For the first time in since 1951, the Philippines — a hoops-crazed nation — is willingly withdrawing from the Asian Games basketball tournament. Apart from a suspension in 2006, the country’s Gilas PIlipinas program has been a staple in the quadrennial meet.
Initially, the PBA’s TNT Katropa was supposed to represent the flag, up until the FIBA suspensions warranted against the team’s key players (Jayson Castro, Troy Rosario, Terrence Romeo, and Roger Pogoy) made things a tad tricky. The task was then shifted to the 2018 PBA Commissioner’s Cup number one ranked team, the Rain or Shine Elastopainters.
Although not as star-studded as their predecessors, the squad is backed by the no-nonsense approach of coach Yeng Guio. There was even talk that Filipino-American NBA player Jordan Clarkson might finally join the squad, plus there was hope that other PBA teams would loan its players.
But the dream team proved to be too-good to be true, as the Samahang Basketbol ng Pilipinas (SBP) pulled the plug last Thursday, claiming that there was an inability to produce a team competitive enough for the tournament.
If only the Gilas program had a bunch of talented, up-and-coming bunch who are being groomed for the same exact reason. If only we had a group of prospects that are free from any professional obligations, whose youth and energy would suffice for the lack of ample preparation time.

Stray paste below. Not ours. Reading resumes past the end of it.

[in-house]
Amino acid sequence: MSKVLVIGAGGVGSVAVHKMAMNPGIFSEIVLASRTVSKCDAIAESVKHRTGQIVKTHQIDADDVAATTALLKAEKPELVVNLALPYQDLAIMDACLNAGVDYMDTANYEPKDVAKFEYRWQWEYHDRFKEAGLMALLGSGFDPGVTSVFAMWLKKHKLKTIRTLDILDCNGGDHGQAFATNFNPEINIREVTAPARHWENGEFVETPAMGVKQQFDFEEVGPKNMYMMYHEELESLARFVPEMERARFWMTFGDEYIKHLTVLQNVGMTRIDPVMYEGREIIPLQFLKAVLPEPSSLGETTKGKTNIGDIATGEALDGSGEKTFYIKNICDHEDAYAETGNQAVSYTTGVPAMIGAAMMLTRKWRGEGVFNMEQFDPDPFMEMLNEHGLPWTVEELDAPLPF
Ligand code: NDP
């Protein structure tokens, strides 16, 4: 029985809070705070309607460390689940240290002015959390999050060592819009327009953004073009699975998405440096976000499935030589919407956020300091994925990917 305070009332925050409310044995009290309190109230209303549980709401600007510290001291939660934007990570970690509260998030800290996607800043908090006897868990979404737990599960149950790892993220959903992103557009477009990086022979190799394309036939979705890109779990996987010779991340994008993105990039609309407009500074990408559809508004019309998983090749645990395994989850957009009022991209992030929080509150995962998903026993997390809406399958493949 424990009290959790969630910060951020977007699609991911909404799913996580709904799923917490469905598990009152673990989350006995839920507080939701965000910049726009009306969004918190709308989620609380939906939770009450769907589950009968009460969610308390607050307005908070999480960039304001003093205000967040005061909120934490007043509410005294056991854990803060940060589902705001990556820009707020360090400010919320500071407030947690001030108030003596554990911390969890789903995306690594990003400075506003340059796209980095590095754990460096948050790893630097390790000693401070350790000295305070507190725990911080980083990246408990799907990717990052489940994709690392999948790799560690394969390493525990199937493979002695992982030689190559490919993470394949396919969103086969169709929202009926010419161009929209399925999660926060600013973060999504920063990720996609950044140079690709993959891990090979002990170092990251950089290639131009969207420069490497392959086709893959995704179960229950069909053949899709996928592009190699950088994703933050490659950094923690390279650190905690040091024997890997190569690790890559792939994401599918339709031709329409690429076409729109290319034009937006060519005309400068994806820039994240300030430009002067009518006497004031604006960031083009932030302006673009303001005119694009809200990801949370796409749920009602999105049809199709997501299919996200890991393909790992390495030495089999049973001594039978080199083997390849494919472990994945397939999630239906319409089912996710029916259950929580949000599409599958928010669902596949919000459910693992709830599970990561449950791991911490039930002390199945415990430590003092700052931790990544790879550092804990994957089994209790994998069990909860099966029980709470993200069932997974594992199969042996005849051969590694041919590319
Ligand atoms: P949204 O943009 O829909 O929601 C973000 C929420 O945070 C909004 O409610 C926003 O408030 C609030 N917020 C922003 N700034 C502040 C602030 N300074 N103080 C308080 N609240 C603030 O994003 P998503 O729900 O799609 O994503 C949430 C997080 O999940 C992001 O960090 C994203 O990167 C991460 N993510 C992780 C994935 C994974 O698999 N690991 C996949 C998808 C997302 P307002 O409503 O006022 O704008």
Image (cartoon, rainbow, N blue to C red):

Oh wait, we actually have one. The “23 for 23” pool, better known as the Gilas Cadets, are composed of college basketball stars and high school standouts that would soon be marquee names in Philippine basketball.
The team is bannered by PH collegiate juggernauts Cj Perez (LPU), Robert Bolick and Jayvee Mocon (SBU), Juan Gomez de Liaño, Paul Desiderio and Kobe Paras (UP), Matt Nieto, Thirdy Ravena, and Isaac Go (ADMU), JJay Alejandro, Josh Sinclair and Troy Rike (NU), and Arvin Tolentino and Abu Tratter (DLSU). Towering kid-wonders Kai Sotto and AJ Edu are included as well.
In the wake of SBP’s withdrawal from the competition, FOX Sports Philippines cites five reasons why the Gilas cadets would have been the perfect replacement for the Asiad.
No conflict of schedules
One of the biggest hurdles that prevented the SBP from getting suitable players is that the Asian Games schedule overlaps with the current PBA season. This won’t be the case for the cadets, who are not bounded by any professional contracts, apart from obligations to their respective schools.
The UAAP season 81 won’t be back until September, which allows the likes of Desiderio, Rike and Tolentino to be able to suit up. Ravena, Go, and Nieto are still fresh from their impressive performances in the 2018 Jones Cup, and would be eager for another chance to banner the flag.
However, the NCAA players will be in for a complicated situation since season 94 is currently under way. The Asiad games is set from August 14 to September 1, right around the first-round eliminations in the NCAA. But since it’s still early in the season, it won’t be a stretch to say that San Beda University and Lyceum of the Philippines might give Bolick, Mocon, and Perez the go-signal to participate in the games.
Nothing to lose, everything to gain
Given how young and inexperienced this roster is, the public consensus would most likely be how the group “is not yet ready” for the big stage.